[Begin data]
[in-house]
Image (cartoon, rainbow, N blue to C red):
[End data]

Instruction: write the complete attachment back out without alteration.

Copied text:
[in-house]
Image (cartoon, rainbow, N blue to C red):